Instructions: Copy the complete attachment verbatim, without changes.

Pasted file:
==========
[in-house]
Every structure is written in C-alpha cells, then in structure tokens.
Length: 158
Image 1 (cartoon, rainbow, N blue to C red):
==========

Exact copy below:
[in-house]
Every structure is written in C-alpha cells, then in structure tokens.
Length: 158
Image 1 (cartoon, rainbow, N blue to C red):